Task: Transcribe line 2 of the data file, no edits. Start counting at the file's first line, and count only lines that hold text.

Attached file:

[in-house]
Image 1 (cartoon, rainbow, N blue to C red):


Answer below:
Image 1 (cartoon, rainbow, N blue to C red):